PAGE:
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From Ancient Greek ἄκανθα (ákantha, thorn), from ἀκή (akḗ, thorn) + ἄνθος (ánthos, flower).



acantha (plural acanthas)

  1. (botany) A prickle.
  2. (zoology) A spine or prickly fin.
  3. (anatomy) A spinous process of a vertebra.
    • 1968, Margaret Tallmadge May, Galen on the usefulness of the parts of the body[1], translation of original by Galen, page 581:
      Moreover, all the outgrowths which I have said constitute the acantha are not of equal size in all the vertebrae, and Nature has done this with wonderful forethought.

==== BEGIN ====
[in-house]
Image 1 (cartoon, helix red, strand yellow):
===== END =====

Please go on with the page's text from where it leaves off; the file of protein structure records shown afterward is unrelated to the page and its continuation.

• 1980, Renate Zauner, Speaking of Children's Posture Problems and the Injuries They Cause, page 55:
      Individual vertebral bodies (right) as seen from the side and from above. The acantha is the spiney projection on the right of each illustration: in the lower illustration the boney spinal canal is shown between the acantha and the vertebral body.
    • 2005, Michael Foeldi, Roman Strossenreuther, Foundations of Manual Lymph Drainage, page 73:
      Rotary strokes or stationary circles in the direction of the flank / Alternate from the acantha of the vertebral column in the direction of the flank (medial to lateral)